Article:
Thursday, October 29, 2009

Canberra is not the problem

Paul Keating says "Canberra was in essence a great mistake".

Malcom Fraser says the new Parliament House should not have been built.

They are both wrong.

Canberra is a nice city, yes. With lovely people and a beautiful environment. But it is not un-Australian.

If anything it is the most Australian of Australia's cities, inland, small, friendly; with big backyards.

Jack Waterford cogently argues that it is not Canberra that is out of touch with the rest of Australia, but Parliament House that is out of touch with Canberra.

I've extracted highlights below the fold.

"My guess is that opposition to shifting the Australian capital to Sydney or Melbourne would be even more fierce today than it was 110 years ago; this time, however, probably joined by the citizens of NSW and Victoria as well as all the other states.

Each of these cities is a beautiful thing, Sydney more organic, for what that is worth, than Melbourne but neither is so well planned or designed that it could easily cope with the transport and other problems of plonking a parliament in a prominent place, let alone the infrastructure, buildings and insignia of a national capital...

When Keating was prime minister he would muse aloud, sometimes, about having the executive government thrown out of Parliament House. It would, he thought, be good for Parliament, as a legislature, and for improving the quality of administrative government.

I think he was right on that. One does not hear him on the subject now but it would be even better if the press gallery was thrown out of Parliament at the same time. Not prevented from reporting Parliament and the politics in and around the building, but forced to headquarter itself elsewhere, in the process being forced to inhale some of the air of Canberra as opposed to the air-conditioning of its mini-city.

Relocating ministers to offices in their departments could serve as a partial antidote to their increasing tendency to see comparatively little of their departmental advisers but to live cheek by jowl with political advisers. Minders themselves spend more time liaising with minders in other political offices than in dealing with departments.

Building, for our Prime Minister, a proper lodge with adequate living quarters and public spaces for entertaining and conducting cabinet, etc, and a reasonable "west wing"-style prime ministerial office, would give the position the dignity it holds in our constitutional system (whether in its present monarchical or later republican form).

Just as importantly, we might get a better parliamentary service from a building no longer so dominated by the "need" to give so much accommodation to ministers or for prime ministers and other ministers to colonise parliamentary spaces for their press conferences and functions, and by the way that ministers feel able to alter parliamentary timetables and routines simply for their personal convenience.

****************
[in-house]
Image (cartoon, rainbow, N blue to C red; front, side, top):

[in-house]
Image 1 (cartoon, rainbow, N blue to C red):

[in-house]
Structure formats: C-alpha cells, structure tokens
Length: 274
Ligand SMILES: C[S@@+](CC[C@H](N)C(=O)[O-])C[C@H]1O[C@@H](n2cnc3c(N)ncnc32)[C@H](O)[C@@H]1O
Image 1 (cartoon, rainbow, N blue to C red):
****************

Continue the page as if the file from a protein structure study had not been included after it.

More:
This is not to say that governments would not have the numbers in the Parliament, or be in a position to arrange matters according to the incumbents' view of the world. But a controlled distance between executive and Parliament might increase mutual respect, and, possibly, help restore a few balances.

A part of Keating's lament is that while one is slaving away at Parliament House, a run down to Manuka for some Chinese food does not always seem attractive. No doubt it is different these days in Double Bay, where he presides over coffee and croissants most mornings.

But his comment conceals a truth which reflects on journalists and minders as much as on politicians. Parliament House is a city in itself, down to its own cafes. A good many people who work there leave it only to fall into bed. Or, leaving late, only to go to bars patronised by journalists, minders and politicians, before falling into someone else's bed. The politicians who fly in and out according to the sitting schedule experience very little of Canberra. Those parts of Canberra, chiefly Manuka and Kingston, which were created for this sort of bizarre lifestyle, bear very little relationship to the way most Canberrans live, or the way most Australians live. It may suit politicians to pretend that they hate Canberra and can never wait to leave it, and that leaving Canberra is re-entering the real world.

The unreal world, however, is not "Canberra", but the life of the suitcase, the non-stop meetings, pretending one is living in a university college or boarding school, and the Holy Grail and other such hangouts. Young (mostly) unmarried journalists like to affect the same sort of ennui, anomie and world-weariness, and tend to blame Canberra rather than themselves. Merchant bankers and young lawyers, I am told, have many of the same problems in Sydney, if at about thrice the expense."

Related Posts

. "The young men in Kevin Rudd's office could get old and not even notice"

. Canberra in Autumn

. Not leaving Canberra